Academic journal article Journal of Applied Management and Entrepreneurship

A Study of the Relationships among Person-Organization Fit and Affective, Normative, and Continuance Components of Organizational Commitment

Academic journal article Journal of Applied Management and Entrepreneurship

A Study of the Relationships among Person-Organization Fit and Affective, Normative, and Continuance Components of Organizational Commitment

Article excerpt

Executive Summary

This research examines the relationships among Person-Organization (P-O) value congruence and three components of organizational commitment. Founded on Meyer and Allen's (1991) model of attitudinal, organizational commitment and Chatman's (1989) P-O fit framework, this study proposed that P-O fit would positively associate with affective and normative organizational commitment. Regression analysis of data from two independent samples of nontraditional university students supported this proposition.

The study also proposed that the relationships among P-O fit and affective commitment and P-O fit and normative commitment would be stronger than the relationship between P-O fit and continuance commitment. This proposition received mix support, but partial regression analysis revealed that P-O fit and organizational tenure interact to affect continuance commitment among persons who are high in organizational tenure. The presentation includes implications for managerial practice.

Introduction

Purpose of the Study

This study examines whether or not the congruence between individuals' values and the core values of their employing organizations affects their commitment to those organizations. The value congruence component of this research is rooted in the person-organization (P-O) fit framework (Chatman, 1989; O'Reilly, Chatman, & Caldwell, 1991) of organizational behavior theory. The organizational commitment component of the research is founded on Meyer and Allen's (1991) three component model of attitudinal, organizational commitment. The purpose of this study is to explore the relationship between P-O fit, in terms of perceived value congruence, and organizational commitment, at the individual level of analysis.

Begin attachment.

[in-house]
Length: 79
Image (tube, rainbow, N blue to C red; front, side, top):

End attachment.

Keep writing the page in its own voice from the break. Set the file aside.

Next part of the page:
Background of the Problem

Every organization that has employees incurs costs because employees make mistakes on the job, employees miss work, and employees quit. The costs of mistakes vary across industries and tasks, but they can be substantial. The average cost of absenteeism per employee increased to $789 per year in 2002 from $755 per year in 2001 (CCH, PR Newswire, 2002). The total cost of one employee quitting can exceed the cost of his or her annual earnings (Griffeth & Hom, 2001). The American Management Association estimates that the costs of replacing employees is 30 percent of their annual salaries (Campbell, 2002). A recent Harvard University study demonstrated that almost 80 percent of turnover is attributable to hiring mistakes, including not using "profiling to determine the right fit" (Campbell). Employees who do not fit into the culture at work are more likely to quit than those who do fit in. Employees who are not committed to their organizations are also more likely to make mistakes, miss work, and quit (Meyer & Alien, 1997).

Engendering organizational commitment among employees is one way to reduce costs associated with mistakes, absenteeism, and employee turnover. This research proposes that one way organizational commitment may be engendered is through attracting employees whose values are congruent with the core values of their employing organizations.

Significance of the Study

Numerous desirable consequences have been empirically linked to organizational commitment. Committed employees perform better on the job (Konovsky & Cropanzano, 1991; Mayer & Schoorman, 1992), are less likely to experience job-related stress (Begley & Czajka, 1993; Jamal, 1990; Ostroff & Kozlowski, 1992), are less likely to be absent for "suspicious" reasons (Somers, 1995), are less likely to quit (Mathieu & Zajac, 1990; Tett & Meyer, 1993), and are more likely to be good citizens at work (Meyer, Allen, & Smith, 1993; Pearce, 1993).

According to Meyer and Alien (1991), an employee's overall organizational commitment is a combination of three different forms of commitment, affective, continuance, and normative. …

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